Wednesday, January 30, 2019

An Interesting Question

What kind of world do you wanna live in? Do you wanna live in a world where somebody says something that's not a good idea, in public, and then they just have to stick with it even after everybody tells them it's not a good idea? Is that what you want? You don't want that world.

That's from today's edition of Scott Adams's daily Periscope.

My take:

Adams is absolutely right. It's better to change one's mind about a bad idea than to hold on to that bad idea after you know it's a bad idea.


When a politician articulates a bad idea in public, and everyone has a cow, and within 24 hours the politician starts "walking back" that idea, is it plausible to believe that the politician has actually changed his or her mind?

I think the context strongly militates against assuming that he or she has. And against assuming that the initial remark was informative as to his or her actual beliefs in the first place.

In this particular, Adams is talking about Kamala Harris's public statement that she wants to "eliminate" private health care options in favor of "Medicare For All."

Cue public reaction, followed by a statement from her press secretary -- not her -- that "she would also be open to pursuing more moderate reforms."

She's been preparing herself, and being groomed by the Democratic Party, to run for president for at least two years. She's clearly the party establishment's preferred candidate, at least in the early running. She's bringing in money. She's hiring pro staffers. If there's a front-runner at the moment, she's it.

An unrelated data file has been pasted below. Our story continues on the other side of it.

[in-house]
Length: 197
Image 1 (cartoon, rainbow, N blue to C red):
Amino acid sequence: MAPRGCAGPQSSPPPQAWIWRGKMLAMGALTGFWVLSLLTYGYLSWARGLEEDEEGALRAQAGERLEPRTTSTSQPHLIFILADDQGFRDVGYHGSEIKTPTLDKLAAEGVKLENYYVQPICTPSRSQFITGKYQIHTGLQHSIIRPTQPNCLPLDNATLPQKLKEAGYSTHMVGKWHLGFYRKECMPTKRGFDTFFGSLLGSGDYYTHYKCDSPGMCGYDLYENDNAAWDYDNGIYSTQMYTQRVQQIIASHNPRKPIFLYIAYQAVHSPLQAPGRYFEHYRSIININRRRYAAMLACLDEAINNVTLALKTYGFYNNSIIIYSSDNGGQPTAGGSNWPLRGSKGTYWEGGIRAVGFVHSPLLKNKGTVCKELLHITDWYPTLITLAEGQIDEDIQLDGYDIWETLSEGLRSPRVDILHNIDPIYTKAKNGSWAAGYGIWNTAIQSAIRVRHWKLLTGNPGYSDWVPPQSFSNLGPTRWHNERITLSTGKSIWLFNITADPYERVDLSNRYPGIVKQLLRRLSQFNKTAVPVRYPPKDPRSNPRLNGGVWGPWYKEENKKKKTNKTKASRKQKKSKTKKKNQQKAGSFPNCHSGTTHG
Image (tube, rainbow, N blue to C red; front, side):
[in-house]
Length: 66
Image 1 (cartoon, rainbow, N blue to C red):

Her "eliminate" remark is not something that came thoughtlessly or accidentally out of the blue. Or if it is, then that proves she's not very quick on her feet and probably shouldn't get in the debate ring with an opponent who is.

She said it at a CNN "town hall" event, for which she was presumably extensively prepped by that pro staff, and she was speaking to a major policy issue on which she's presumably been boning up for some time.

She presumably said it because she believed, or was told by her pollsters to believe, that it was what her audience wanted to hear, not in some accidental sudden fit of verbal diarrhea.

And neither the initial remark nor her campaign staff's "oh my God, we didn't expect THAT reaction!" attempt to walk it back tells us anything about what she actually thinks, or about what she would do if given significant power to influence policy.

It just tells us she's a pander-bear.

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